Tuesday, December 21, 2010

Words! Words! Words!

One of the problems of being both author and editor happens when said sad individual (me) tries to read for pleasure. I wouldn’t be in this sorry mess if it weren’t for the fact that I love reading. The blame can be dropped squarely in JRR Tolkien’s lap, as well as subsequent authors such as Ursula K Leguin, David Eddings, Ann McCaffrey, Neil Gaiman, Poppy Z Brite and others, who filled my teenaged head with the wild notion that I, too, could one day write books or pursue a career in publishing.

Granted, nowadays, my time for reading has been curtailed severely. I sneak in ebooks while I work (one of the benefits of .PDF documents, which can conveniently be minimised) and read for exactly one hour each day on the train in the afternoons. These novels are, invariably, review books. My feedback is published with a review website, as well as South African newspapers.

Review books are, generally, within the genres I’ll read (fantasy, SF, horror and paranormal romance) but are not the books on my “to read” list. No, those books languish on my hard drive or on my bedside table, which by now resembles the leaning tower of printed material slowly trying to topple onto me while I sleep.

Reviewing books has some benefits. For instance, I have now discovered that I will never, ever, ever, ever, ever, read Laurel K Hamilton willingly. You’d have to hold a gun to my head. I would never have discovered this if I didn’t review books. Likewise, I’m now eternally a Giles Kristian fangrrrl and I’ve interviewed him for the newspapers. Now THAT rocks!

But…

I also read submissions for one of my publishers, for whom I’m under contract as a content editor. These are either cold submissions, where I have to read a good few pages before I can decide whether a manuscript blows my hair back, or will be a submission from one of my existing authors, whose writing won’t make me want to gouge my eyes out with a ballpoint pen.

Somewhere, between these activities and my day-job as a sub-editor at a newspaper publisher, I still find the time to edit manuscripts and, oh, gosh, write a little on my own. (Add disclaimer: I do not have children. Also, I do not have a social life beyond a meal or drinks with friends here and there or Facebook.)

So… **takes deep breath** It is a rare thing indeed if I read something I want to.

People keep telling me, “Oh you must read so-and-so.”

I sort of look at them blankly and say, “That’s nice dear. I’d love to.” Of course the chances of me reading a book someone recommends are about as good as a snowball’s survival in Hell. I still have a friend’s copy of Neil Gaiman’s The Graveyard Book, somewhere in the pile on my bedside table. I want to read it. I just don’t know when.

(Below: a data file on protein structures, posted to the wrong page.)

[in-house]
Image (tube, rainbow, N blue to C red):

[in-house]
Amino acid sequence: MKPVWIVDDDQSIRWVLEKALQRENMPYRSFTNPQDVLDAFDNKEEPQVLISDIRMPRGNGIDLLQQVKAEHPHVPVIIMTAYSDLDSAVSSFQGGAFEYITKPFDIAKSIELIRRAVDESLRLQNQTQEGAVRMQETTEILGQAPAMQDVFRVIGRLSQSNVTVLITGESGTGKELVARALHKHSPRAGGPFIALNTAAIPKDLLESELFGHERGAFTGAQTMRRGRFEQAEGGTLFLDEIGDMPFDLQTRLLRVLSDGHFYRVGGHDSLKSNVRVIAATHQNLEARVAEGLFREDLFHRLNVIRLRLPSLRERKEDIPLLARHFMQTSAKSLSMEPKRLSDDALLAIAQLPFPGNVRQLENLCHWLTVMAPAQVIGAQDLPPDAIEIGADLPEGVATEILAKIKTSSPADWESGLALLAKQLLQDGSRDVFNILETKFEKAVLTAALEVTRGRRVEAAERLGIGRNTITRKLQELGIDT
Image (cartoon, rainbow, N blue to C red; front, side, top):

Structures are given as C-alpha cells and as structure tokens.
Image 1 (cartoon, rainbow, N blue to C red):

So, here are two of my pet gripes:

Publishers that have sub-par editing. It drives me absolutely dilly when I read published works riddled with homophone and apostrophe abuse, weak transitions, typographical errors, misplaced modifiers, plot holes… I see it. All the time. It makes me want to claw my way up the walls. Mostly, all I can do is point and laugh. Human error creeps in everywhere, it just depends how much of it is concentrated in one manuscript.

Authors who make the same mistakes over and over again: this dubious honour I also extend to newspaper sub-editors and writers who, despite years of being exposed to years of house style and proofing, insist on repeating the same mistakes. This suggests that the idiot with the red pen clutched in her hand (that’s me) is wasting her time trying to communicate the need for improvement so that my job (proofing and editing text) can be made easier and said offending wordsmith becomes better at doing their job. And also not run the risk of defenestration from a third-storey window.

Or maybe I’m just OCD. Maybe it’s my mother’s fault. She used to be an English teacher. Maybe I need to go on a long holiday on a remote farming hamlet where there is no electricity and they’ve conveniently hidden all form of written word. Just for a while until I stop frothing and get more than four or five hours’ sleep a night.

Or maybe I’m just crazy, because whenever someone has told me “Hey, your writing sucks badly here, here and here…” I’ve generally sucked up my pride and made damn sure I didn’t make the same mistake again.

I guess what I’m trying to say is, shaping words is my passion and if I’m your editor, I’m going to be absolutely vicious. I’m going to make you do horrible, nasty things to your darlings, but I’m doing it because I love your writing. I wouldn't be tearing it pieces if I didn't see ways to make it so much better.

3 comments:

cathellisen said...

One of the things with writing (and, I'm sure, editing) is that if you're working hard on your craft, your eyes are opened to mistakes in published books that you've been working hard to eradicate in your own work.

On top of being annoying, it also stings. There's a whiny little voice in most of us going "but why is she allowed to [insert writing flaw here] and if i do it, my crit partners throw rocks at me?"

After I first began writing I found it really difficult to be forgiving of bad writing in published work, but I'm mellowing out again these days.

Nerine Dorman said...

There's the stuff the big names are allowed to get away with. No names mentioned. **grins**

But then there's just plain stupid.

Julia Barrett said...

Interesting. Now that I write, I read with an increasingly critical eye. It kind of removes some of the pleasure from 'fun' reading. But when I stumble across a fabulous book, well-written and edited, man...what a treat!
And yes, big name writers have lots of bad habits - habits I'm not allowed to indulge in. :)
You have a very interesting job/s.